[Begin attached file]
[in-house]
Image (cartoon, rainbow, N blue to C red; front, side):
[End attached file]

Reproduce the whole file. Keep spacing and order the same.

[in-house]
Image (cartoon, rainbow, N blue to C red; front, side):